But then Jesus turns right around and starts saying he’s going to have to suffer and be killed, and Peter jumps back in to say no! No, Jesus, he says, that’s not how this Messiah thing works! You can’t be killed!
And where I might want to imagine Jesus just shaking his head with an exasperated sort of sigh, instead Jesus yells right back to Peter, “Get behind me, Satan!” as if he is being tempted again with worldly power or tempted by the idea of being a Messiah who doesn’t have to suffer. Peter wants Jesus to be something he’s not; Peter wants Jesus to fit into the picture he had in mind of the God he was looking for, but whether anyone likes it or not the job of Messiah is bigger and more complicated than either of them expected.
* * *
It sounds familiar, doesn’t it? We set out looking for one thing, we think we know the rules of the game, and we’re walking along a neat and ordered path with trimmed hedges just like we’re used to, and then all of a sudden one of those hedges bursts into flames and sets us down a twisting rocky path where we think God couldn’t possibly be leading us. The God we know doesn’t work that way.
It happens for people and it happens for churches, especially if we’ve grown comfortable on the path we’re used to. We get used to just living our lives, thinking we know what’s right and what’s wrong, knowing where God is and where God is not, set on what we do and what we don’t do, calling God “God” and knowing exactly what we mean by that and what we don’t mean.
And then something unexpected happens, whether it’s sudden and dramatic or gradual enough we don’t know things are changing until we look up to find we’re not where we thought we were; and the rules of the game have changed. Suddenly the things we relied on don’t seem to hold true anymore, and there’s a voice asking us to do something new and we don’t know if that’s God’s voice or not or maybe we just don’t recognize it.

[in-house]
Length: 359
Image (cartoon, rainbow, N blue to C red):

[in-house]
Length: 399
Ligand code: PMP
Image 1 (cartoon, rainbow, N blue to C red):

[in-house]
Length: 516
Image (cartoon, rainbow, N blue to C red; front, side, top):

* * *
We are unsettled. There’s a fire where there shouldn’t be fire, and we want someone to come and put it out for us. We want to make sense of our lives again and put neat corners back on our hedges. We want a name to pin that experience down, so we can write it off and move on.
But that fire doesn’t act like normal fire, with God’s voice booming out of it, and rather than giving a simple name that has a beginning and an end, like Jonas or Maria or David or Beth, a name with shape and form and expectations attached to it – instead God is a verb. I am who I am, or maybe it’s “I will be what I will be,” or even “I will be what I have been.” God won’t quite let us pin God down. “I am,” God says, and that’s what we need to know.
But there’s a lot there in that name, if we listen. For Moses, born to a slave and cut off from his people, God says, I am. For Peter, struggling to make sense of a Messiah who doesn’t look like he expects, God says, I am. For us, uncertain of where the world is going, God says, I am. Seeing our communities change around us and clinging on to what we have known, God says, I am, I have been, I will be.
As we set off on new paths and wonder if God is still present in these new ways, God’s name is in the mysterious fires: I am, I will be. I am what I am, God says, and that is eternal and both bigger than you can possibly understand and small enough to be here with you, right now, in the name and face by which your ancestors have known me.
I am God-sized and I am person-sized, I am burning and not consumed, I am Messiah and also crucified. I am who I am, God says, and that doesn’t change, but don’t you dare think you’ve seen all of me. I have plans for you that are wild and unexpected, God says, and I will be with you the whole way.
I am, God says. And that is joyful news.